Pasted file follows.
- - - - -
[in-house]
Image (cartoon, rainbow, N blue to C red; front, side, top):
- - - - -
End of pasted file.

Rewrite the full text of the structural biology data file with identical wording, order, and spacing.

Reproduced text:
[in-house]
Image (cartoon, rainbow, N blue to C red; front, side, top):